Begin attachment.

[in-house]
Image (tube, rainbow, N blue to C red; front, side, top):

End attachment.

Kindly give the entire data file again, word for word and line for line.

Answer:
[in-house]
Image (tube, rainbow, N blue to C red; front, side, top):